Sen. Murphy votes aye.
Sen. Schapira: "To the point of generational theft, we are stealing education away from our children." Votes no.
Sen. Shooter votes aye, after assuring audience that he welcomes public input and participation in process.
Sen. Gould votes aye after an explanation of his vote.
Sen. Biggs votes aye.
12:01 p.m. Sen. Aboud: Public is speaking and they do not want this bill. Votes no.
11:57 a.m. Committee is about to vote on SB 1612. Some discussion re: Sen. Biggs' amendment.
11:52 a.m. The loophole discussion continues. Sen. Sinema points out liposuction isn't taxed. Sen. Gould doesn't want his constituents to pay taxes on their haircuts.
11:45 a.m. Sen. Aboud reminds Sen. Smith that state can get $17 million right now by closing loophole for the 4 inch pipe. Sen. Smith: "Close loopholes for corps, you grow the unemployment line."
11:33 a.m. Mark Barnes with AZ Community Colleges Council up now, discussing cuts to community colleges. Barnes: "I read a study a while ago, that 61% of jobs in AZ in 2018 will require some level of post secondary of education, we hope to be provider of choice." Reminder: In Senate majority proposal, Arizona community colleges would be cut $72 million.
11:26 a.m. Stacy Morely (spelling of last name may be incorrect) with Arizona Department of Education agency speaking now against SB 1612. Concerned cuts to agency, though less than $1 million cut, will impact agency's School Finance and IT programs.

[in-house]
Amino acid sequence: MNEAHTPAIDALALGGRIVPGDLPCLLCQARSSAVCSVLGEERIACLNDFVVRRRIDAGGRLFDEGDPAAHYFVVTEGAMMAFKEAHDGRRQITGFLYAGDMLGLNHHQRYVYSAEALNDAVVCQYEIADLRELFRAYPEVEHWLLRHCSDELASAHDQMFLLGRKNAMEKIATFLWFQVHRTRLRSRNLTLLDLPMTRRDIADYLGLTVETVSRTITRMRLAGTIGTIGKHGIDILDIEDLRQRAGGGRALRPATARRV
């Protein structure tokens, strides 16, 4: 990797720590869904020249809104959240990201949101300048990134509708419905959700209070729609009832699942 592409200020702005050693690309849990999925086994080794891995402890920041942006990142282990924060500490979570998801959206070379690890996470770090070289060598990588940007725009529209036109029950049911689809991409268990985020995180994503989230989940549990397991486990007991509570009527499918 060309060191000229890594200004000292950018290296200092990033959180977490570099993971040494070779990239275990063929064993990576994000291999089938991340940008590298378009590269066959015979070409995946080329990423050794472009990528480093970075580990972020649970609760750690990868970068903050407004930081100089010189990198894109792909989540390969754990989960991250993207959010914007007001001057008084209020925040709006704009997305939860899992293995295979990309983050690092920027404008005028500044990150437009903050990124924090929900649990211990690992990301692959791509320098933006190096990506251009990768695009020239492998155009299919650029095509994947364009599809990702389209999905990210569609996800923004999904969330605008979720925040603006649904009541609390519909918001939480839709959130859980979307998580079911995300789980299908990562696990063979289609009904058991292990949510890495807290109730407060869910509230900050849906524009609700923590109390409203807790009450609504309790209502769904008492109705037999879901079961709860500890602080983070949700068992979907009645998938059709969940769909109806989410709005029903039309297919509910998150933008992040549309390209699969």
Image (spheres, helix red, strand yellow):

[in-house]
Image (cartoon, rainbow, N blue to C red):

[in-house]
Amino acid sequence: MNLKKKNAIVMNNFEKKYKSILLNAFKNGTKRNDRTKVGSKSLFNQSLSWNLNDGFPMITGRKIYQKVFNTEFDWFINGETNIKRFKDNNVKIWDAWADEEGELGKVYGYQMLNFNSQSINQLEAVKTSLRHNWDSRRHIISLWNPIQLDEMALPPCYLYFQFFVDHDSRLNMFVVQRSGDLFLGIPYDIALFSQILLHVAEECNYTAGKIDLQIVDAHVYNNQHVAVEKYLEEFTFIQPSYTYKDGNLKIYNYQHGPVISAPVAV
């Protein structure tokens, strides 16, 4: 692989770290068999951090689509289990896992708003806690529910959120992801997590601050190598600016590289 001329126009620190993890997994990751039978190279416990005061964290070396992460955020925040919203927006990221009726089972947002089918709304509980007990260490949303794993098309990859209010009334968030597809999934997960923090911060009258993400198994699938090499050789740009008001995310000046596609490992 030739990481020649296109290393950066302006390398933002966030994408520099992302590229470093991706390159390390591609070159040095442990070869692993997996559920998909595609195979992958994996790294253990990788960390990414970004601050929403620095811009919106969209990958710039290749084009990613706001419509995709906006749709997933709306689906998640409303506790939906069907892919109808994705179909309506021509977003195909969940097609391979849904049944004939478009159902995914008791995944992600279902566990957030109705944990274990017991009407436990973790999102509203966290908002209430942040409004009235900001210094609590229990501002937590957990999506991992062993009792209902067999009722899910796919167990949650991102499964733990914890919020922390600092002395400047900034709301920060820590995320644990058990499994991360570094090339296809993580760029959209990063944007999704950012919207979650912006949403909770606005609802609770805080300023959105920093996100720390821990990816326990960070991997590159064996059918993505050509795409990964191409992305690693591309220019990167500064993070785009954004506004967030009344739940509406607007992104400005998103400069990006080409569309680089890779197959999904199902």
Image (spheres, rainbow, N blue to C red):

11:25 a.m. David Martinez concludes testimony and discussion with committee. Outstanding voice for our state's university students!
Sen. Allen: "Do you encourage them to adjust their budget without putting it on the back of students?"
11:11 a.m. While we're listening to the comments re: university cuts/impacts, we're reminded of this March 13, 2011 AZ Republic article about the tax break for University of Phoenix's parent company, Apollo, a for-profit university. AZ lawmakers are considering a bill that, according to the AZ Dept. of Revenue, would cost the state $33.2 million annually in tax revenue.
10:57 a.m. David Martinez with the Arizona Students' Association speaking to committee re: the impact of current budget reductions, creating a 63% increase in student tuition to state universities. This increase to tuition, says Martinez, pushes more students to take out loans with large interest rates in order to complete their education. Further, this increase in student loans is adding to the over all national debt when they simply find they cannot repay the loans. Martinez points out that there already has been $230 million cut from higher education funding. Should the budget proposal being considered be adopted, it would equate to a 50% cut in funding to our universities. His testimony continues, as he answers questions from Sen. Schapira (LD17) and Sen. Sinema (LD15).
Per Martinez's testimony, current university cuts have already impacted state universities the following ways:
Over 2,000 faculty/staff positions eliminated
180 colleges programs have merged/consolidated